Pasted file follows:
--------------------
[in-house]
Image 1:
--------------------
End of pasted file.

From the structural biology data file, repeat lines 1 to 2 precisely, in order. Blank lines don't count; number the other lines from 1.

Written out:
[in-house]
Image 1: